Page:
Myth #2 Fat Cats are Happy Cats

When you hear the words “fat cat” you smile, right? You think fat cats look happy or funny — you see social media pictures of enormous cats and get a kick out of it. You hear the saying about a person that “he’s a fat cat,” as though it’s something positive, and this reinforces the misconception. In fact, the words “fat” and “cat” and “happy” do not even belong together! I’ll go a step further and tell you that letting your cat become fat is a sure way to send them down a path of physical and emotional misery. I’ve been preaching this for years, along with many brilliant and dedicated veterinarians who have often had to contradict their fellow doctors.

I’ve written and talked on the radio about the dangers for a cat of being fat, which can  actually be deadly as it can lead to urinary tract problem, diabetes, heart diseases, liver disease, and depression and lethargy. For example, Dr. Ernie Ward has worked hard for a long time to educate and warn cat owners — and even other veterinarians — about the obesity epidemic in cats (and dogs).

You may not realize that you are probably the cause of your cat being overweight — and have unintentionally caused your cat to be fat. This has happened because of what you’ve been feeding: dry food, probably.  But the good news is that you can switch your cat to a quality canned food like Halo’s wet foods and the fat will come off and your cat’s health will be restored.

We have turned our cats into balloons by not respecting their proper nutrition as “obligate carnivores” — primarily meat-eating animals whose bodies weren’t designed to take in carbohydrates. The dry food we’ve all been told to feed — heavily processed carbohydrates (which I’ve come to call “kitty crack,” because of its harmful and addictive nature)  throw off the cat’s metabolism, which converts all those carbs to fat. The fat is distributed everywhere, but also packs around their livers, causing “fatty liver disease.” Dr. Elizabeth Hodgkins, my co-host on CAT CHAT, has often explained that no cat should be on dry food, which in her years as a cat-only veterinarian she has seen make cats fat and is the underlying cause of their diabetes. She’s often explained that diabetes can be reversed if caught early, simply by removing dry food and replacing it with canned food. Dr. Elizabeth discusses how obesity can cause heart disease.  And Dr. Donna Spector, my co-host on The Expert Vet, talks about human-caused diabetes, along with feeding canned food as the solution.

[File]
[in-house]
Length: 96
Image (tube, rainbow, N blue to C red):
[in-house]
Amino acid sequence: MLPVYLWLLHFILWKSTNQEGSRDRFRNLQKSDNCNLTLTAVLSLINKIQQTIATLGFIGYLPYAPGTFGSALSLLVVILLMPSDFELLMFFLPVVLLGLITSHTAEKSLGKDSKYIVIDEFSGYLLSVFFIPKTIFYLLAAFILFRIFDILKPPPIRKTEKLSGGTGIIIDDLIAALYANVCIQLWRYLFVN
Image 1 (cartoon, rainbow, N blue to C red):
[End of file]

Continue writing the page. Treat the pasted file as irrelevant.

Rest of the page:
A normal, healthy cat should weigh around 10 lbs. Other than some of the big cat breeds like Maine Coons and Norwegian Forest cats, 9-10 lbs is an optimal weight for a domestic shorthair cat — your everyday kitty cat. We’re all lost sight of what the healthy normal cat looks like- sleek, slender, agile. The way a community cat looks — one who doesn’t live indoors eating only dry food. We have cats with swaying bellies who look pregnant (even though male), we have cats with swollen bellies, we have cats who barely run or play because they are fat.

Obesity has recently (finally?) been designated as a “disease” by the American Veterinary Medical Association (AVMA). This means that if your cat is overweight, he is sick. He has an illness. He needs to go to the doctor! Please talk to your vet about how to switch your cat safely to wet food — the right food for his body — and restore him to looking good and feeling good, being a truly happy cat, not a fat one. Your cat will thank you for it, for the rest of his long life.

—Tracie Hotchner

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photo credit: Hindrik S Feeling Guilty? via photopin (license)